NEW YORK (CBSNewYork) -- Police had a woman in custody Saturday in the death of a business owner who was shoved in front of a subway train in Queens.
Erica Menendez, was charged with second-degree murder as a hate crime, the Queens District Attorney announced on Saturday. NYPD spokesman Paul Browne said the suspect was 31 years old.
Following her arrest Menendez gave investigators two addresses, one in the Bronx; the other in the Forest Hills section of Queens, the apparent home of her mother.
Menendez was arraigned late Saturday night and will be held without bail until her next court date in two weeks.
1010 WINS Reporter Gary Baumgarten has more...
Menendez reportedly told authorities, "I pushed a Muslim off the train tracks because I hate Hindus and Muslims. Ever since 2001 when they put down the Twin Towers I've been beating them up," according to the criminal complaint.
She was arrested at Empire Boulevard and Bedford Avenue in Crown Heights, Brooklyn, and most people who spoke to 1010 WINS' Gene Michaels were surprised she was picked up there.
But Michael did not.
1010 WINS' Gene Michaels Reports
"There's a lot of crazy people out here. They're not supposed to be in the streets. They're supposed to be where they're supposed to be; where they belong – in a hospital, a mental institution, you know? I see a lot of crazy people in the train station," he said. "I see a lot of cops out here; they don't really pay them no mind. You would think the cops' jobs would like, take those people somewhere where they need help."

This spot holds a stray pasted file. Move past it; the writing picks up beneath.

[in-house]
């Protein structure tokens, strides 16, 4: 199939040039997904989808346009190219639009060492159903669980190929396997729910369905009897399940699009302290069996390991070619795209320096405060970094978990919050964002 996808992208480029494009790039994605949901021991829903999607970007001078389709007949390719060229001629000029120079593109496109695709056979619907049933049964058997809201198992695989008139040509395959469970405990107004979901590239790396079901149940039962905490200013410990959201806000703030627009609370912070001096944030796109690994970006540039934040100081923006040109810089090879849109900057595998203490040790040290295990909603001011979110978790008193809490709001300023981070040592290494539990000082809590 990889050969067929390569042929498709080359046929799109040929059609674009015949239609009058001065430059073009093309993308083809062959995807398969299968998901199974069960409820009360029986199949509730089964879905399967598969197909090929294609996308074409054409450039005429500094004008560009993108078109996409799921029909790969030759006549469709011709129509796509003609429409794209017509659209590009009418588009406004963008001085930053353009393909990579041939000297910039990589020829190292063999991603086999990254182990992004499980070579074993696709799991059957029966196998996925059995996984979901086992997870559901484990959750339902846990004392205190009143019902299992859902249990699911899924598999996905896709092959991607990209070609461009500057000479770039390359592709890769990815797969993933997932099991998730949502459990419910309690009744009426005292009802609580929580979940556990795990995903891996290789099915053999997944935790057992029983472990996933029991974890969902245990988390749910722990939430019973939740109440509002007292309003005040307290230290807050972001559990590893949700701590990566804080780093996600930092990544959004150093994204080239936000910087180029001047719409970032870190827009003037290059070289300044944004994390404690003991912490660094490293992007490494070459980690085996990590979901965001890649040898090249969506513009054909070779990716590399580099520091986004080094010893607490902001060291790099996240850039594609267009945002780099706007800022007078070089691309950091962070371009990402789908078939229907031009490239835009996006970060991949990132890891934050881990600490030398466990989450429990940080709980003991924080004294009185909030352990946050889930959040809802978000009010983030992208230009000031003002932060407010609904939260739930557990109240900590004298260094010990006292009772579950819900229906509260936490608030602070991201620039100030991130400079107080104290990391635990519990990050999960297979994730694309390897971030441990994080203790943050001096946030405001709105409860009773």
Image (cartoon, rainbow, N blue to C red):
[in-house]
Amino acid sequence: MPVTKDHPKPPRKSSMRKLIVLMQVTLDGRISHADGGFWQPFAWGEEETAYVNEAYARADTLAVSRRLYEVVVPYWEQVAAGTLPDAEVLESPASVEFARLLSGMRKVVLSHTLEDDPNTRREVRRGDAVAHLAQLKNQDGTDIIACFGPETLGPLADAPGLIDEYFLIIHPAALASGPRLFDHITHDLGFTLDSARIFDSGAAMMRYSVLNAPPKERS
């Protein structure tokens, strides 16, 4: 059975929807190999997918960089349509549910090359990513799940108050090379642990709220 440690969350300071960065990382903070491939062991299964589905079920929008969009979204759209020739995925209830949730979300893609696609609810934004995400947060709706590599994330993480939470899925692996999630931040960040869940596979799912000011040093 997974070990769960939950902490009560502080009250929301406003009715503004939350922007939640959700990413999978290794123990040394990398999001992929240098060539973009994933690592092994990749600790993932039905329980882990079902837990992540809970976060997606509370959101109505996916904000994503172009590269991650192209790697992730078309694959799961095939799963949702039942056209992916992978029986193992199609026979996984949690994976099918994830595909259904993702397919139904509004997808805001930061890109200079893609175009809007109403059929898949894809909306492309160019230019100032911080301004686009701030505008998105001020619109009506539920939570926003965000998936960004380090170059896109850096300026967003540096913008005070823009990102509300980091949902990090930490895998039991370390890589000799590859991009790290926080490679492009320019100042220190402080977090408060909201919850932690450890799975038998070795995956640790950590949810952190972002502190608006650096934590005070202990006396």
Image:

Michael said police need to pay less attention to those who jump turnstiles and more attention to those who may be dangerous.
Police said witnesses saw the suspect pacing and mumbling on the platform before taking a seat alone on a wooden bench. Then as the train approached the station, witnesses said she suddenly shot forward, shoving the unsuspecting man onto the tracks and directly into the path of an oncoming "7" train at the 40th-Lowery Street elevated station.
Witnesses said it did not appear the two had any contact before the incident.
"I'm not certain how much time our witness had spent on the platform. But the witness says there was no contact between the two of them while she observed both of them," police Commissioner Ray Kelly said.
Sen, a native of Bangladesh, recently opened a business in Queens, 1010 WINS' Al Jones reported.
Sen ran a copy shop on Amsterdam Avenue near Columbia University and shared one floor of a house in Queens with two roommates.
The incident marked the second deadly subway push this month. On Dec. 3, police said 58-year-old Ki Suck Han was pushed to his death by 30-year-old Naeem Davis. The two were seen on cell phone video arguing just moments before Han was dumped on the tracks.
Straphangers are now on high alert.
"Growing up in the city you would stand close to the edge and see if the train comes so it makes you rethink the things you do on a regular basis," Marcelo Tarina said Friday.
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